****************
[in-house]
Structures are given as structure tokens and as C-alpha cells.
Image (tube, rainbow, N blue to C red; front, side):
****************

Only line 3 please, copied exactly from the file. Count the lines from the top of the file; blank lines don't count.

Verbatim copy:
Image (tube, rainbow, N blue to C red; front, side):